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Lebanon’s Prime Minister-designate Is Najib Mikati. What Happens Now?
Najib Mikati speaks to reporters after being reappointed as Lebanon's prime minister-designate at Baabda Palace near Beirut, Lebanon, on June 23, 2022. (Bilal Jawich/Xinhua via Getty Images)

Lebanon’s Prime Minister-designate Is Najib Mikati. What Happens Now?

Mikati, a billionaire businessman who currently is serving as caretaker prime minister, has held the position on three previous occasions  

Lebanese President Michel Aoun began consultations on Thursday with representatives of the Lebanese Parliament to determine who will be the country’s next prime minister.

In the voting that followed, Najib Mikati, who has been serving as caretaker prime minister since elections were held last month, was supported by 54 of the 128 lawmakers in the Lebanese Parliament.

Mikati’s primary competition, Nawaf Salam, received the support of only 25 lawmakers. Forty-six lawmakers refused to support a candidate for the position.

Following the vote, Mikati, a 66-year-old billionaire businessman, was named as Lebanon’s prime minister-designate by President Michel Aoun.

Last month’s election saw the Iran-backed Shiite group Hizbullah and its allies lose their plurality in parliament

While Hizbullah itself maintained its strength in parliament, waning support for its allies, the Christian Free Patriotic Movement, undermined the Hizbullah-led coalition; meanwhile, the Christian Lebanese Forces achieved greater election victories.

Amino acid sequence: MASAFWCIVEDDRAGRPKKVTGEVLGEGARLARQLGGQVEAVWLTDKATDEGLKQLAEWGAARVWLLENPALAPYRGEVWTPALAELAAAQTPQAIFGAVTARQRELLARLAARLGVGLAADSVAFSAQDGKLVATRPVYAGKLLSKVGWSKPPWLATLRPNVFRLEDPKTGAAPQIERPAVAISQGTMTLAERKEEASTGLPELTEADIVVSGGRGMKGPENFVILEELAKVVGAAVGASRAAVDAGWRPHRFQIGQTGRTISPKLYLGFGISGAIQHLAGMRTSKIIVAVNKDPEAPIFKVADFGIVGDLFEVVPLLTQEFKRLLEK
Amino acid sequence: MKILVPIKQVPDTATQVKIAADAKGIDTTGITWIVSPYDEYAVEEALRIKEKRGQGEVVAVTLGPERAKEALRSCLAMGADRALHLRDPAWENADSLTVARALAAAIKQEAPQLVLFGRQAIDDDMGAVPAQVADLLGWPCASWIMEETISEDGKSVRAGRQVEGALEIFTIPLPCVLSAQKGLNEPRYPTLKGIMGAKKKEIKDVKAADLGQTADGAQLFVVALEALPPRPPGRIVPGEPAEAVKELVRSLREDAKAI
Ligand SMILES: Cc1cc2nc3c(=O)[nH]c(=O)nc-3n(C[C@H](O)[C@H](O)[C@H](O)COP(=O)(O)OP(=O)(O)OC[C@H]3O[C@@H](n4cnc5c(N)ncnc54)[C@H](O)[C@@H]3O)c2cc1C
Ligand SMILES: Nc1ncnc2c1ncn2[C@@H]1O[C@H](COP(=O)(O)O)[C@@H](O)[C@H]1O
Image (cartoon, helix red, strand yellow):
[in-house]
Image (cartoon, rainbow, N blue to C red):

The election also saw 13 seats won by independent candidates, including anti-establishment figures who garnered popular support during the country’s October 2019 civil protests against the poor economy, public corruption, and sectarian rule.

The president’s consultation with parliament is an important prerequisite for nominating a new prime minister since the Taif Agreement, ratified by the Lebanese parliament in November 1989, stipulates this as a necessary measure to curtail the powers of the president.

Nevertheless, the consultations must adhere to the Lebanese constitutional clause that the prime minister must always be a Sunni Muslim.

In 1943, the National Pact, an unwritten agreement that established political divisions along sectarian lines, stipulated that power would be distributed among the respective religious groups according to their demographic proportionality.

Seats in parliament were divvied up at a 6-to-5 ratio of Christians to Muslims, and the top three government positions, or ‘troika’ were given to the three largest religious groups respectively.

Under the pact, the president would be a Maronite Christian, the speaker a Shia Muslim, and the prime minister a Sunni Muslim.

While the Taif Agreement reversed the 6-to-5 seat ratio in the parliament, replacing it with an equal ratio of Christians to Muslims, the ‘troika’ rule has remained in force.

The agreement was supposed to put an end to sectarian divisions within parliament, restricting them to a new upper house, yet this clause was never enforced.

The heterogenous protest movement which erupted in October 2019, initially over attempts to tax social media apps, expanded to encompass concerns over inept government, rising taxes and rampant corruption. It repeatedly called for the reform of Lebanon’s political system, to no avail.

The protest’s slogan was “all of them means all of them,” a call for governmental officials across the board to step down in favor of widespread reforms and new non-sectarian candidates.

According to the 2019 Arab Barometer survey, only 20% of the Lebanese people trust core public institutions.